If you’re a college football fan, there’s a good chance there will be at least one less familiar face on your TV screen in the coming weeks, and perhaps longer. Allison Williams, who has been covering sports for ESPN for the better part of a decade, has left her job behind because of a vaccination mandate.
The sportscaster took to Twitter yesterday to announce her decision. In her message, Allison Williams explained that she was choosing to not take the COVID-19 vaccine because Williams and her husband are trying to have a second child. She explained she had made the decision in consultation with her doctor as well as a fertility specialist. She ended saying that she looked forward to when she could “return to the games and job” that she loves. You can see her post below.
While Allison Williams’s message makes reference to fertility concerns as well as to her personal health, the CDC not only recommends people planning to become pregnant get vaccinated against COVID-19, but states there is no evidence to show the vaccine has any negative impact on fertility.
Per Reuters, at the end of July Disney — ESPN’s parent company — made COVID-19 vaccination mandatory for all of its employees in the United States, which prompted Allison Williams’ departure. There was some disagreement with the unions covering workers in Disney’s theme parks, but according to NPR those issues were ironed out before the end of August.
Things are definitely getting less friendly for unvaccinated people like Allison Williams. Back in June, for example, the investment banking company Morgan Stanley announced unvaccinated employees would be barred from its New York City offices.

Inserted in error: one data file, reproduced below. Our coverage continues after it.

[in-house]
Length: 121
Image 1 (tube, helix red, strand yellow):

Before even Disney announced its vaccine mandate — thereby ensuring Allison Williams’ break from ESPN — Deadline reported that Netflix became the first major Movie/TV studio to introduce vaccination mandates. According to Deadline, Netflix let its employees know that everyone in what it referred to as “Zone A” — meaning any actors and any employees coming into contact with actors — would need to be vaccinated or say goodbye.
While Allison Williams takes a break from sportscasting, she hopefully isn’t too big of a fan of live entertainment, because it isn’t just in the area of employment that things are getting more difficult for the unvaccinated to navigate. If Williams decides she wants to check out a Broadway show, for example, she’s going to be disappointed. You not only need a ticket to get a seat at one of the beloved shows, but proof of vaccination and a mask. The requirement will be in effect at least until October.
It might be at least a little bit tougher for Allison Williams to get a seat at a Patton Oswalt stand-up performance as well. A week ago, Oswalt announced he was requiring all audience members to provide proof of vaccination or a negative COVID test from within the last 72 or 48 hours, depending on the local regulations. The comic went so far as to cancel five dates from his tour because the venues refused to comply. It also happens to be a mandate you have to follow to get into any music festival, concert, or any other event hosted by Live Nation.